Thursday, October 11, 2012

Shell eyes new LNG plan for Browse | The Australian

Shell eyes new LNG plan for Browse | The Australian:
A SENIOR Royal Dutch Shell executive has done little to dampen growing speculation that the company will push its revolutionary floating liquefied natural gas (FLNG) technology as a solution to the ongoing controversy over the $US45 billion Browse project in Western Australia.

In an exclusive interview with The Australian, Shell's director of projects & technology Matthias Bichsel would not rule out considering FLNG as a development option for Browse.

1 comment:

  1. from the fisherwoman
    Shell has quashed talk that floating LNG would be inappropriate for the development for the Browse field off Western Australia, suggesting it was working on vessels that could produce up to 6 million tonnes of LNG per year.

    It is building a 3.6Mtpa FLNG vessel to service the Prelude field, which is the largest in the world. Essentially, this means it would take several Preludes to develop the Browse field properly.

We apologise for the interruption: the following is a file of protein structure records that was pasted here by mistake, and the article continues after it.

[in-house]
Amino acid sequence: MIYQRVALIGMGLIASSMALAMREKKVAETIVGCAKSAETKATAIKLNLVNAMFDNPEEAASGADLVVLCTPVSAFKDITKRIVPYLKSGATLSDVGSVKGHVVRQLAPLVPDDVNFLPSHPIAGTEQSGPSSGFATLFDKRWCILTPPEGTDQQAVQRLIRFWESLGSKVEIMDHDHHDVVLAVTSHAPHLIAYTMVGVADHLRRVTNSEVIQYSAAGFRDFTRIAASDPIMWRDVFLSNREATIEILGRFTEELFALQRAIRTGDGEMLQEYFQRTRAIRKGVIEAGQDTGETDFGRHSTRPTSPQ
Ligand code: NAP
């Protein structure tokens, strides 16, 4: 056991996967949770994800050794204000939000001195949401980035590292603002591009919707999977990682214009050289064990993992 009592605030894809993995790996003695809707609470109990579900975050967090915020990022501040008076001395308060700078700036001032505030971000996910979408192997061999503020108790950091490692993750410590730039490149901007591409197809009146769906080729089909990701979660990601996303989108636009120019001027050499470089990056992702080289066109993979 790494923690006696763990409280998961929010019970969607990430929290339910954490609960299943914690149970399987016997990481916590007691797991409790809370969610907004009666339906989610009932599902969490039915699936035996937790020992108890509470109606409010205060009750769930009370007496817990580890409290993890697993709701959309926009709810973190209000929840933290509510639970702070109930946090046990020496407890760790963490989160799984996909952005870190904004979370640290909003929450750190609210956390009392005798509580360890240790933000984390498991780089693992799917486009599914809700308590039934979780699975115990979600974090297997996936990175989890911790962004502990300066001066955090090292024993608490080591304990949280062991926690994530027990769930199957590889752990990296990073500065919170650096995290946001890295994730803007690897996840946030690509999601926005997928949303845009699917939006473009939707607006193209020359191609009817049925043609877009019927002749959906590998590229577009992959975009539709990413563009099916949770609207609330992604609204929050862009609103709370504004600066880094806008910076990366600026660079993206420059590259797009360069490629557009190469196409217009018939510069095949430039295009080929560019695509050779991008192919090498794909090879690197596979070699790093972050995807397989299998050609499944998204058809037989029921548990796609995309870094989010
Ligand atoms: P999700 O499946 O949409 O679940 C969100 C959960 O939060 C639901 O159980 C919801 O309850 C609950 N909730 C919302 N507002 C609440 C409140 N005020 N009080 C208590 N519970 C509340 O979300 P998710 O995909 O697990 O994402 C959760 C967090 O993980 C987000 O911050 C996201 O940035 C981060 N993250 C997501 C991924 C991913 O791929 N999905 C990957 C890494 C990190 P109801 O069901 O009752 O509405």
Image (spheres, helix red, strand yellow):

“FLNG allows you, from an environmental point of view, to [produce LNG] without disturbing coastlines or building a big facility in some pristine environment. Where you have that, it may help you with a solution.”

    For a project which has been mired by protest and native title squabbles, FLNG must seem like a very attractive option.

    With Shell recently upping its stake in the Browse joint venture, speculation has been rife that Shell is seeking to use its proprietary technology to develop more and more fields as an alternative to building costly greenfield projects.

    In response to the speculation, Woodside gave its standard line that it was committed to the process of taking the development through to final investment decision in the middle of next year.


    How the LNG fortune cookie may crumble
    Thursday, 11 October 2012

    CHINA may have rebuffed Russia’s offer to pipe natural gas to the country, but a recent surge in its imports from Central Asia may topple the fortunes of Australia’s $100 billion LNG export industry.